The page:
Talk about traumatic.

Ever since I've seen those two clips, I've held a grudge against the Denver Broncos. They crushed the dreams of my fellow fans, and for that they cannot be forgiven. They robbed this city and its fans of the enjoyment associated with carefree optimism. To put it simply, Broncos destroyed the hopes of Browns fans and sent this organization down a spiral of  negativity and skepticism.

Tomorrow at 8:15pm in front of a national audience, those same Denver Broncos return to Cleveland to once again do battle with the Browns. Aside from the history associated from these two teams meeting in Cleveland, there is one more twist...



Brady Quinn.

What a fitting game for Brady Quinn's debut as an NFL starter. For a quarterback who represents Cleveland's last hope, vanquishing the 'demons' of our tortured past while restoring the city's faith in the team seems like the perfect script for a new beginning. Brady Quinn was three years old during the 1987 AFC Championship Game. While he certainly does not remember those days with sadness, those around him certainly do, so he should enter this game with something to prove.



Keys to the Game

  • Contain Cutler's Crew: The Cleveland Browns' secondary will have their hands full with Denver's dynamic array of offensive weapons. In addition to Brandon "Baby T.O." Marshall, there is the shifty Eddie Royal and the sure-handed Tony Scheffler. The Browns are susceptible to the underneath passing game, so they will really need to concentrate on limiting Royal's effectiveness and stopping Scheffler from hurting them over the middle.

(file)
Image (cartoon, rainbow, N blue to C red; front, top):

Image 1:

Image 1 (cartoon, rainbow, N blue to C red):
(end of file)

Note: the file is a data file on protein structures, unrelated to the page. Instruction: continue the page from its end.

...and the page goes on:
• Attack the weak leg: The Broncos come into this game with a vulnerable secondary. They have given up the 6th most yards per game, allowed quarterbacks a passer rating of 103.1, and have allowed the highest completion percentage to opposing quarterbacks. Without star cornerback Champ Bailey, this becomes a very beatable group. Chudzinski must remain aggressive with Brady Quinn and attack this unit through the air.
  • Refuse to lose: I've thrown the term around in the past, but this is truly a must win game for the Browns. A loss here would drop them to 3-6 almost completely eliminating their shot at the playoffs. The team must come out with high energy and more importantly focus. We cannot afford to see drive-stalling penalties, dropped balls, or any other self-inflicted mistakes. 


Brady Quinn,

Do your best and help this team win the game. Do it...

...for the seasoned fans, who vividly remember the heartbreak of years past.

...for the young fans, who only see the Browns for failure as misery.

...for the doubters, who believe there is no hope for the future.

...for the cynics, who have no reason left to believe.

...for your family, who has raised you to become the man you are today.

...for the your team, who needs to win in order to stay alive.

But most importantly Brady, do it for the city of Cleveland. We will show up on Thursday in droves to support you and the team, so make this Thursday night game a memory we will not forget.
Category: NFL
 
 
 
 
The views expressed in this blog are solely those of the author and do not reflect the views of CBS Sports or CBSSports.com